Building Safe A.I. - A Tutorial for Encrypted Deep Learning

post by korin43 · 2017-03-21T15:17:54.971Z · score: 2 (3 votes) · LW · GW · Legacy · 7 comments

This is a link post for https://iamtrask.github.io/2017/03/17/safe-ai/

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comment by J_Thomas_Moros · 2017-03-21T17:04:04.468Z · score: 1 (1 votes) · LW · GW

This post describes an interesting mashup of homomorphic encryption and neural networks. I think it is an neat idea and appreciate the effort to put together a demo. Perhaps there will be useful applications.

However, I think the suggestion that this could be an answer to the AI control problem is wrong. First, a superintelligent deep learning AI would not be a safe AI because we would not be able to reason about its utility function. If you are meaning that the same idea could be applied to a different kind of AI so that you would have an oracle AI for which a secret key was needed to read its outputs. I don't think this helps. You have created a box for the oracle AI, however the problem remains that a superintelligence can probably escape from the box either by convincing you to let it out or by some less direct means that you can't foresee.

comment by eternal_neophyte · 2017-03-22T10:23:43.737Z · score: 0 (0 votes) · LW · GW

In combination with an AI with social skills that are fundamentally stunted in some way, this might actually work. If the AI cannot directly interface with the world in any meaningful way without the key and it doesn't have any power to persuade a human actor to supply it with the key, it's pretty much trapped ( unless there is some way for it to break its own encryption ).

Edit: notwithstanding the possibility that some human being may be stupid enough to supply it with the key despite not asking for it.

comment by korin43 · 2017-03-23T20:20:28.734Z · score: 0 (0 votes) · LW · GW

I think being encrypted may not actually help much with the control problem, since the problem isn't that we expect an AI to fully understand what we want and then be evil, it's that we're worried that an AI will not be optimizing what we want. Not knowing what the outputs actually do doesn't seem like it would help at all (except that the AI would only have the inputs we want it to have).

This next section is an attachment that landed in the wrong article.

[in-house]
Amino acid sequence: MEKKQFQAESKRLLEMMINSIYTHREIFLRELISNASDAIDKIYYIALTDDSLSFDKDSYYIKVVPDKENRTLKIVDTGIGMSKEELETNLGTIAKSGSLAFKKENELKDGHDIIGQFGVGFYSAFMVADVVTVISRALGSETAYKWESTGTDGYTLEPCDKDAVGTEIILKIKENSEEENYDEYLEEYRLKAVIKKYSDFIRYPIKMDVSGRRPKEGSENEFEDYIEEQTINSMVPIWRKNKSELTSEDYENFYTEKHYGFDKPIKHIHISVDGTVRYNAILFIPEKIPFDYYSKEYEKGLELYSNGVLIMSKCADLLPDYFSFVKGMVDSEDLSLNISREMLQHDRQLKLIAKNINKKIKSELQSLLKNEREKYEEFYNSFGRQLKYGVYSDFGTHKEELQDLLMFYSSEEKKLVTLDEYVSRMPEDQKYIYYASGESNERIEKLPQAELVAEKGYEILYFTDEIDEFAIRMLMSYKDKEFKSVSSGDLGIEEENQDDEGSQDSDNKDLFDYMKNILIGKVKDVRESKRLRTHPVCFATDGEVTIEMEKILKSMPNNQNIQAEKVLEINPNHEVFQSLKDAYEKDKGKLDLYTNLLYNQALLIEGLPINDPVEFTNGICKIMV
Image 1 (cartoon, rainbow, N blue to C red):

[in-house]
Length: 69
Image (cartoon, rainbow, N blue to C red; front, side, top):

comment by eternal_neophyte · 2017-03-23T20:51:07.694Z · score: 0 (0 votes) · LW · GW

the AI would only have the inputs we want it to

That seems to me to be the advantage. If it can't read the data in its sensors without the key, it can't know if any given action will increase or decrease its utility.

comment by tukabel · 2017-03-22T19:54:25.436Z · score: 0 (0 votes) · LW · GW

In Sowjet Russia the AI will encrypt YOU!

comment by Luke_A_Somers · 2017-03-22T15:46:19.533Z · score: 0 (0 votes) · LW · GW

This is about keeping the AI safe from being altered by bad actors before it becomes massively powerful. It is not an attempt at a Control Problem solution. It could still be useful.

comment by korin43 · 2017-03-21T15:18:12.853Z · score: 0 (0 votes) · LW · GW

"In this blogpost, we're going to train a neural network that is fully encrypted during training (trained on unencrypted data). The result will be a neural network with two beneficial properties. First, the neural network's intelligence is protected from those who might want to steal it, allowing valuable AIs to be trained in insecure environments without risking theft of their intelligence. Secondly, the network can only make encrypted predictions (which presumably have no impact on the outside world because the outside world cannot understand the predictions without a secret key). This creates a valuable power imbalance between a user and a superintelligence. If the AI is homomorphically encrypted, then from it's perspective, the entire outside world is also homomorphically encrypted. A human controls the secret key and has the option to either unlock the AI itself (releasing it on the world) or just individual predictions the AI makes (seems safer)."